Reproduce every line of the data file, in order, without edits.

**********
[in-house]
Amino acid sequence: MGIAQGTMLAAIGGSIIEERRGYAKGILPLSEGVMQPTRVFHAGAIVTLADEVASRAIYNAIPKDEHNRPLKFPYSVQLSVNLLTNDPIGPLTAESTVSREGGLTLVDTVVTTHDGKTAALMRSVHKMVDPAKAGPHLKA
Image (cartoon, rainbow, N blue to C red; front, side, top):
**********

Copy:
[in-house]
Amino acid sequence: MGIAQGTMLAAIGGSIIEERRGYAKGILPLSEGVMQPTRVFHAGAIVTLADEVASRAIYNAIPKDEHNRPLKFPYSVQLSVNLLTNDPIGPLTAESTVSREGGLTLVDTVVTTHDGKTAALMRSVHKMVDPAKAGPHLKA
Image (cartoon, rainbow, N blue to C red; front, side, top):